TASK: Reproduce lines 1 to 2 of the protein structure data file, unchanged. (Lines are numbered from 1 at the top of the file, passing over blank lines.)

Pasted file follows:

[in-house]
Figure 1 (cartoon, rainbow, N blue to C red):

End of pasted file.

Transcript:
[in-house]
Figure 1 (cartoon, rainbow, N blue to C red):